Dorrin K Mace, Horologost

Dorrin K Mace, Horologost
The Clock Man in a pensive moment

Friday, April 13, 2012

Veneer repair on clock cases

Veneer repair damage can take the form of buckled, peeling and missing veneer. However, before embarking on repair, be sure the piece you want to restore is not a valuable antique, which would be devalued under a layman's personal repair.   Pine Knoll Clock Shop does do veneer repair and case repairs of all types.  If you would rather tackle this project yourself, below are suggestions on how to handle the repair.

Replacing missing veneer
Cut a piece of veneer approximately to size, allowing a little extra all around. The overhang will be trimmed off after the veneer has been bonded in place. If a joint is necessary or you are making a so-called "matched face," trim the joining edges very accurately, and fasten them temporarily together with regular veneer tape or any self-adhering tape applied to the face side. The veneer sheet and the furniture must be perfectly clean and smooth. The panel wall, to which the veneer will be glued, must be free of grease, wax and oils.
Thoroughly stir veneer glue, and apply with an inexpensive clean brush. Don't brush back and forth. Flow the glue on in a smooth uniform coat. Let the glue dry, which should usually take about an hour. Reapply another coat of glue before making the bond, and then let sit for 30 minutes. This contact glue grips instantly when you place two glued surfaces together, so you won't be able to slide or shift the wood around.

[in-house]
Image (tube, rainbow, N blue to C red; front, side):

Repairing a veneer blister
Repairing blisters on a veneered panel can be done by slitting the blister near its center with a sharp, thin knife blade. Press one half of the blister down, while introducing quick-setting, heat-sensitive glue under the other half with a knife blade. There is a glue injector on the market you may want to invest in for larger jobs. Wet the blister with water, press it down with a flat iron, and heat to the usual temperature for pressing clothes. The water softens the veneer, and the warmth of the flat iron re-melts the now-chilled glue. Cover the blister with wax paper and apply a weight for few minutes.
Repairing buckled veneer
Repair buckled veneer sheets by first sprinkling each buckled sheet lightly with water a day before you begin the repair. The best way to prevent over-wetting is to dip a whisk broom in a pail of water and flip the water on the veneer. One or two flips of the wrist will sprinkle all the water you should apply. Lay the moistened sheet on a flat surface. Sandwich newspaper between veneer sheets. Place a flat panel on top and add even weights to the panel. Leave the weights on for 24 hours.
Repairing loose edges
Repair loose edges by introducing a little veneer glue under the veneer with a knife blade. Then, clamp the edges in a press or with heavy weights. Loose edges can result from repair work where too little glue was used or too long a time took place between pressing and spreading the glue.

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